9. Help Your Dog Cool Down
If your dog is digging holes so he can make a cool place for himself to lie down in to escape the heat, you need to give him other options.
Make sure your dog has lots of shade, and always leave a bowl of fresh water out for him. Even a damp towel that he can lie down on can help. Or, consider getting a kiddie pool and filling it up on hot days for him to relax in.
How to Stop a Dog from Digging…
Now that we’ve covered the general tips to stop a dog from digging holes, let’s look at a few particular digging situations. This way you can find the best method to stop your dog from digging once and for all.
How to Stop a Dog from Digging Under a Fence
There are lots of ways you can keep your dog from digging under a fence.
If he’s digging under a fence, most likely he’s trying to get out of the yard. Whether it’s to give chase to a rodent, or to try and find himself a mate, or just because he doesn’t like being alone, there are ways to deter him.
For more information on this topic, check out Dogpackr’s previous article about how to stop a dog from digging under a fence!
How to Stop a Dog from Digging Around Trees
If your dog seems focused on digging hole around the trees in your yard, there are ways to get him to stop.
First things first: make sure that your giving your dog enough physical and mental exercise. You can also use deterrents like his poo, cayenne pepper, or balloons to stop him from digging.
How to Stop a Dog from Digging Furniture
If your dog is destroying your furniture, that could be a sign of separation anxiety. It could also be a sign that your dog is bored.
The best ways to stop this behavior are:
- Make sure he isn’t bored
- Don’t leave him unsupervised
- Have him in a crate or confined space without any furniture to dig in when he’s home alone
- If he starts digging, get him off the couch and redirect his energy to his toys or a chewy.
If your dog is naturally a digger, then providing a designated area outside for your dog to dig should also help satisfy his urges.
How to Stop a Dog from Digging Up Plants
If your dog seems focused on digging up the plants in your yard, you can use some of the above deterrents. Sprinkling cayenne pepper around the areas he likes to dig should irritate his nose enough to make him stop digging.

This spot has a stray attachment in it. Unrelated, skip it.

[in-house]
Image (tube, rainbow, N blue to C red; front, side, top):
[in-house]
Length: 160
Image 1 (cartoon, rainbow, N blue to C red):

Again, always make sure your dog is getting enough mental and physical exercise.
After all, as the old saying goes, a tired dog is a good dog!
How to Stop a Dog from Digging in a Water Bowl
It can be annoying when your dog digs in his water bowl—it makes a real mess!
There are a few reasons why he might be digging in his bowl. Being too hot is one reason. In this case, give your dog some other options to cool down!
It could also be that your dog sees something in the bowl, and is trying to get at it. If you have a reflective bowl, consider moving it somewhere where there will be fewer reflections. Or think about purchasing a non-reflective bowl to replace it.
If you’re still having trouble with your dog digging things up, consider investing in BrainTraining4Dogs. This program covers just about every behavioral issue you could dream of, so be sure to take a look!
If your dog is digging up your yard, this can be super frustrating.
Luckily, once you figure out why your dog is digging holes, you can start to work on stopping him. With patience, consistency, and the right tools, your dog will eventually learn that digging up your yard isn’t acceptable behavior.
And soon enough, you’ll be able to enjoy your hole-less yard again!
P.s.: Don’t forget to check out Braintraining4dogs if you want to take your dog training game to the next level. It offers a 60-day money back guarantee, so you have nothing to lose.
Struggling with your puppy's hyper behavior? I offer private 1:1 online coaching to help you with your puppy's behavioral problems (biting, crate training struggles, crying, barking, separation anxiety, daily schedule etc.). Schedule a free 15-minute video Zoom call to get started!
Please note that I'm not a professional dog trainer. Everything I know is from my own experience with my hyper Mini Poodle Baloo and hundreds of hours of research.